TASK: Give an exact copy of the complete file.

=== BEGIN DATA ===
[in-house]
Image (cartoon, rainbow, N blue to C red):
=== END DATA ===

[in-house]
Image (cartoon, rainbow, N blue to C red):